“I have people say, ‘Well, I’m only an Infantry Corps Corporal – I don’t have those skills’. Well, I have hired an Infantry Corps Corporal before – he did all the research,” Nick said. “His resume and interview were absolutely amazing because he did that preparation to turn his military experience into very clear business outcomes – no acronyms.”

Find out about the RSL Veterans’ Employment Program, which is delivered by RSL LifeCare and available to veterans and their partners.

Sometimes that translation means leaving some of the details of military experience or training in a CV, but in an interview that experience can help you tell a broader story about your abilities. 

“It’s also really key to also let go of some of those things that you’re proud of, but aren’t relevant for the job. So it’s great that you’re parachute trained, but that’s not useful in financial services. So leave it off,” says Nick. 

“But the fear that you overcome to parachute out and motivate the people behind you? You can translate that story in an interview, showing your initiative, your leadership, your ability to negotiate with others under pressure and a whole range of core skills.” 

One top tip

Catherine asked each panelist for their one top tip. Lucky for us, the panel didn’t stop at one each.


  • Treat your transition out like a new posting – secure housing and employment, and recreate your familiar community, structure and routine. If you used the gym in the military, join a gym; if you played rugby, join the local rugby club. Join the RSL, connect with your community and, through them, find other ESO groups you can connect with socially.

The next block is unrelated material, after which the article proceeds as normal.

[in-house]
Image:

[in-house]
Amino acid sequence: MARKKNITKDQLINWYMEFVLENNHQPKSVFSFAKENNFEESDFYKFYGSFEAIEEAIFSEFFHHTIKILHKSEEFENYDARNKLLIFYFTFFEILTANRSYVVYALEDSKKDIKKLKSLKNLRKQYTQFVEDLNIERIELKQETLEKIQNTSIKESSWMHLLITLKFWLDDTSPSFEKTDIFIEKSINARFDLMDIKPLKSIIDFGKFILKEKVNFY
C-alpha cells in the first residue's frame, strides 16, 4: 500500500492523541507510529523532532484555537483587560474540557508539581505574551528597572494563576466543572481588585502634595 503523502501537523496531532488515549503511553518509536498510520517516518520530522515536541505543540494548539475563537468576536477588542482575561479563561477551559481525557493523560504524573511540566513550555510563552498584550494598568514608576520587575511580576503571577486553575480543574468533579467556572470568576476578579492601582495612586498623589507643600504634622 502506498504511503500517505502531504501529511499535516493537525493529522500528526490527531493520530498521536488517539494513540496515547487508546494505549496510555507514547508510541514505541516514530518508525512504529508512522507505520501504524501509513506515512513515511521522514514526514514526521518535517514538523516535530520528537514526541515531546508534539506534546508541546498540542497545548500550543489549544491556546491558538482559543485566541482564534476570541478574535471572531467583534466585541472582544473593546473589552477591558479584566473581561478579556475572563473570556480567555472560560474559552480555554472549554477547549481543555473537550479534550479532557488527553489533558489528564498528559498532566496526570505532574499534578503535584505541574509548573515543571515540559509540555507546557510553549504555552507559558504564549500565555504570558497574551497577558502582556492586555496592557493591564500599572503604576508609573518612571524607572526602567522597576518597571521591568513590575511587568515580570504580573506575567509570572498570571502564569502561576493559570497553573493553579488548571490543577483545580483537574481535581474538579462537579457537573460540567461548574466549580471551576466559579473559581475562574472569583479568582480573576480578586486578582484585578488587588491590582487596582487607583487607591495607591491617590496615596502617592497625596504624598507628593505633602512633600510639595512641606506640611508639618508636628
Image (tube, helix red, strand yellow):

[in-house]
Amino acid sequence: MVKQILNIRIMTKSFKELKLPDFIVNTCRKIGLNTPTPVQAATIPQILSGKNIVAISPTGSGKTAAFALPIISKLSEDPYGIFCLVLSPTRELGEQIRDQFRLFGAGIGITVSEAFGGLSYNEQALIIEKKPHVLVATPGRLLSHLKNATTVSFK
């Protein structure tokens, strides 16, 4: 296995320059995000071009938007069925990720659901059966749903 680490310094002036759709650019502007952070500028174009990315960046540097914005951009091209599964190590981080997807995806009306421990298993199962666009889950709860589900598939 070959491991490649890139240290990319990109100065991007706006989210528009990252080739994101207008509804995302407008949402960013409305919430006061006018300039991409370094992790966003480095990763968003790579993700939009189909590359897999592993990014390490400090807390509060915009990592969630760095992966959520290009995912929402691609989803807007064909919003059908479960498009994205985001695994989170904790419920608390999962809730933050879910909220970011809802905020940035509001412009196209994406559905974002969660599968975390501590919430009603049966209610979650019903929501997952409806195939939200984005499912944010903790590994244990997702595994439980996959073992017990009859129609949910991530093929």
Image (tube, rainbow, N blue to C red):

• Value yourself, value the contribution that you made to your country’s safety and security, and value what you have to contribute now to your community – make that your new purpose and identity.


  • Network early, to research and understand what the best role is for you so you can be prepared for transition.
  • Take advantage of your exposure to people through the Army Reserves and contractors you might run into from the other government departments.


  • While we wait for a Royal Commission, while you wait for things to get done, what are you going to do? You have resources and it’s profound how powerful they are, if you can tap into it. 
  • You’re a warrior – get up, keep pushing for you and for your family and see yourself walking with your chest out and your head high again. Visualise that.

Finally, Catherine shared the advice that stood her in good stead on her second transition out. “I was very fortunate twice in my career to be a direct report to Sir Peter Cosgrove, who had a lovely pearl of wisdom,” Catherine said. “He said, ‘If you can, make your last day a good one, because you’ll probably carry it with you for the rest of your life’.

“If it is a bad one, there’s a way of actually making peace with that as well. It doesn’t have to be the miserable ghost at your table, living rent-free in your head for the rest of your life.”

RSL NSW’s Veteran Health Week webinar ‘Get moving in civilian life: tips from four recent veterans’ is now available on demand. Register and watch now by providing your name and email address below.